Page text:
A four wheel drive Superb is operated 7 days a week under the name of ‘PRU’, or Physician Response Unit, this unit responds commonly to cardiac rests to help administer advanced support to prevent brain cells dying, although they are sometimes deployed as backup to helicopter cases or used when it is quicker to drive from base. The 4x4 is also used by the Trauma Team when weather is poor.

Both PRU and Trauma Team are operated by the same doctors and paramedics, able to be dispatched interchangeably between incidents.


The service income is £6.8 million a year, with an expenditure of £4.8 million (figures for 2014/2015), but only a very small part of that is funded by Barts Health NHS Trust - which has a long-running partnership with the charity from its foundation, and provides a helipad facility at the Royal London Hospital.[15][16] London's Air Ambulance is a registered charity (number 801013) and the service is funded through charitable donations and corporate donors, the charity also runs a lottery for £1 a week to raise funds for the service, and holds a number of small and large scale fundraising events throughout the year.

Missions and major incidents[edit]

London’s Air Ambulance has attended more than 33,000 missions since its inception in 1989; in 2014, London's Air Ambulance attended 1,806 patient missions.

  • 603 Road traffic collisions
  • 480 Penetrating trauma (stabbings and shootings)
  • 434 Falls from height
  • 289 Other (incidents on the rail network, industrial accidents, asphyxiation, drowning etc.)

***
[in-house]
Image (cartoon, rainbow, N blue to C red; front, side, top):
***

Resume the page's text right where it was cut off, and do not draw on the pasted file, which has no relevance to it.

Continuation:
Over the past 24 years, the service has coordinated medical response to the majority of London’s major incidents, including the 7/7 bombings, the Soho nail bombing, the Bishopsgate and Aldwych terrorist attacks and Paddington, Cannon Street and Southall rail crashes. On 7 July 2005, London’s Air Ambulance dispatched 18 teams and flew medical supplies to the bomb sites across London, triaging and treating over 700 patients, at the Westminster terror attack in 2017, both helicopters were deployed carrying back-up medical teams who volunteered to work an extra shift.


Helicopters crew

The helicopter crew consists of a Pilot and co-Pilot, in addition to medics - a HEMS paramedic, senior doctor and typically a consultant - who can provide additional guidance to the other doctor. There is a team of 9 consultant who cover most shifts.

Rapid response car

At night, the crew operates an identical service to the helicopters, but using cars at night for landing-safety. Therefore, only a doctor and paramedic form a crew - as no pilots are required.

Physician Response Unit[edit]

The PRU is staffed by a senior doctor and an Paramedic.

Helipad Fire & Rescue[edit]

On arrival at the Royal London Hospital helipad, the dedicated helipad ground crew (fire crew) receive the patient and a dedicated, express elevator carries the patient to the accident and emergency department on the ground floor—where a trauma team with A&E doctors, general surgeons, specialist trauma surgeons, and anaesthetists assemble to assess and treat them.

Fire crew must always be present when a helicopter lands or takes off from the helipad.

Television appearances[edit]

In 2004 the service was featured heavily in the BBC television series Trauma;[17] in 2009 a standalone documentary about the Air Ambulance was made for the BBC by North One Television. It showcased the service in a number of emergencies and was called Medic One: Life and death in London.[18] In 1994 they featured in a special episode of the BBC series 999 entitled "The Flying Doctors", they also featured in BBC Two's An Hour to Save Your Life.


The HEMS Clinical Director is Dr. Gareth Davies. Davies is also an Accident & Emergency and Pre-hospital Care Consultant working at the Royal London Hospital and regularly flies in the helicopter to the scenes of accidents.